Rare Rides: The Crazy 1998 MSV, an RV That Time Forgot

Corey Lewis
by Corey Lewis
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rare rides the crazy 1998 msv an rv that time forgot

Look at the large creature before you. A fiberglass cacophony of components from various manufacturer parts bins, known as the MSV. Initially, I thought the short acronym could only mean My Special Van, but those letters actually represent the company behind this beast: Mauck Specialty Vehicles.

Hop in the back, and we’ll embark on a voyage to… recreation.

A small blip on the RV radar, MSV was around for just three years — 1996 to 1999. Headquartered in Worthington, Ohio (a northern Columbus suburb), the company partnered with Custom Coach Corporation in Columbus.

Production figures totalled over 100 vehicles, delivered to domestic and overseas customers. MSV managed to wrangle a couple of celebrities out of their hard-earned cash, as Alan Jackson and George Foreman both took an interest in the company’s luxury RVs.

Prices were high, usually over $200,000 per unit. Available in both commercial (30 feet) and personal (25 feet) lengths, each MSV required 600 man hours of hand assembly. An underlying carbon steel frame is concealed by 37 custom fiberglass panels and 13 specialty windows. Over 2,700 unique parts went into each MSV.

Power is delivered by a GM Vortec 454 engine, paired with a GM 4L80E truck transmission, though a diesel option exists in the form of a Cummins 5.9-liter straight-six unit. That mill pairs with an Allison heavy-duty tranny. These taillamps should look familiar to anyone who lived in North America between 1993 and 1998.

Parts bin components were used throughout the vehicle in order to keep costs down to moderate Midwestern home levels. GM provided the engine, suspension, wiring, and brakes, while headlamps came from Ford and their Aeromax semi truck. Front wipers came right from the Toyota Previa.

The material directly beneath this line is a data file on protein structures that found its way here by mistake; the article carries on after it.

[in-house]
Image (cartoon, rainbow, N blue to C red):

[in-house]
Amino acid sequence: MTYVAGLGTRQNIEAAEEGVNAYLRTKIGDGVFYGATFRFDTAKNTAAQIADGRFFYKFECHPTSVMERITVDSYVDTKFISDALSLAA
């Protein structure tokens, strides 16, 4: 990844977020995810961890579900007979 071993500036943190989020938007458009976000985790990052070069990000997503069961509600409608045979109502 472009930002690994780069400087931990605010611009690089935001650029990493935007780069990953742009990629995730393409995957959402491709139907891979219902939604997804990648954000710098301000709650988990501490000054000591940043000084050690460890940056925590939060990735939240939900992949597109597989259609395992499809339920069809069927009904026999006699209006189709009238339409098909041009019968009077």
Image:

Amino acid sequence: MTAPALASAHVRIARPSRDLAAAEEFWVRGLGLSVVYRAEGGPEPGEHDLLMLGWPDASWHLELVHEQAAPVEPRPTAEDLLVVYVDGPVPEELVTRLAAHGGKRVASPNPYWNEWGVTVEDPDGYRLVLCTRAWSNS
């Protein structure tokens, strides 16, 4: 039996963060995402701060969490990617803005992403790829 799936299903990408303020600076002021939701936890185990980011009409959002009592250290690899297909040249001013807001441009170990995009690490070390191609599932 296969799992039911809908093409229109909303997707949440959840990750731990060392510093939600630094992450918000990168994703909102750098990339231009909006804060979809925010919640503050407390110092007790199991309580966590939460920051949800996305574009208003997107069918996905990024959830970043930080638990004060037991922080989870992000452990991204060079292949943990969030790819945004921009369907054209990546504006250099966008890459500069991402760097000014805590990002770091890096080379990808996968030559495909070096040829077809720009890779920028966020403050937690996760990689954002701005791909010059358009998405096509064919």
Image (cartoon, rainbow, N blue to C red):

Do you recognize the driving lamps? Here’s a hint: Dodge V10.

The MSV featured butterfly doors, a unique design in the RV spectrum. Also of note: the cyborg roof-mounted spotlight.

Customers could select from a list of options, though all versions came well-equipped. Our example today was specified to the luxury end of the scale.

Beyond the jet black exterior lies an interior of wood and jade-green leather. Would you care to sit and watch Ellen?

It seems additional seating was added later. These black seats appear to be from a minivan, but which one?

This MSV is on offer via a sales aggregator, Auction123, for $49,900. Small potatoes for any vehicle with butterfly doors.

[Images via seller]

Corey Lewis
Corey Lewis

Interested in lots of cars and their various historical contexts. Writing things for TTAC since late 2016 from a home base in Cincinnati, Ohio. You can find me on Twitter @CoreyLewis86, and I also contribute at Forbes Wheels.

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  • SCE to AUX Another outsourced battery goes awry.
  • Jkross22 Nah, If I needed a truck, I'd get a Nissan titan or for nearly the same money a 20 yr old SR5.
  • Kwik_Shift No. It is hideous and jarring to look at. Why would I need this anyway?
  • Jeff From the side profile this gives off Taurus wagon vibes. Nice looking wagon love the exterior color and the interior. The burled walnut interior trim is beautiful.
  • Jeff I think initially there will be a lot of orders for this truck and then sales will crater. Those that want this truck mainly the Tesla fans will buy them and then anyone that wanted one will have already bought one. The Cybertruck kind of reminds me of the Delorean which was widely anticipated and once it was out and those who wanted a Delorean bought one that was the end. Both the Delorean and Cybertruck are stainless steel and both are weird looking. Maybe they could release a new Back to the Future sequence and have Doc drive a Cybertruck.